• Mean time between failures (MTBF). This is the average time a PCOS machine stays operational. Knowing the MTBF and the mean time to repair (or replace), we can determine the average failure rate. Instead of actual statistics, we have today media-reported field anecdotes and unsubstantiated vendor claims.
  • Average rejection rate of valid ballots. This is a specific but important case, when the PCOS stays operational but rejects a valid ballot. In Smartmatic demos, field tests and mock elections, the rejection rates were inordinately high, far above COMELEC specs.
  • Scan error rate. Just as PCOS machines fail, they make mistakes too. A PCOS scanning error can be a false positive (registering a vote that is not there) or a false negative (missing a vote that is there). When the PCOS is adjusted to read lighter shades, false positives increase because even a slight smudge may be falsely registered as a vote. When adjusted to read darker shades only, false negatives increase, because lightly or partially shaded ovals may be missed by the PCOS. Each machine has to be calibrated towards that ideal spot which minimizes the total errors from both false positives and false negatives. Based on COMELEC specs, this total should be lower than .005%, or five scanning errors for every 100,000 marks (at most one error per 1,000 ballots). Unfortunately, the calibration may change in transit or under environmental stresses like heat, humidity, or mechanical shocks. A PCOS machine that rejects valid ballots has, in effect, very high false negatives, because it misses all the shaded ovals, each representing one vote, in those rejected but valid ballots.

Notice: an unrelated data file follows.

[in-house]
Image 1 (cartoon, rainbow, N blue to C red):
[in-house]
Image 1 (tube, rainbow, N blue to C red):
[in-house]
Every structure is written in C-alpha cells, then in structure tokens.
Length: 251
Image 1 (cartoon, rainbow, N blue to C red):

• Transmission error rate. Because of ambient electrical and electronic noise, transmission is more susceptible to error than scanning, and therefore demands high quality equipment. That Smartmatic modems had transmission problems even within Metro Manila does not speak well of their quality. A poor quality modem is hopeless and should be replaced.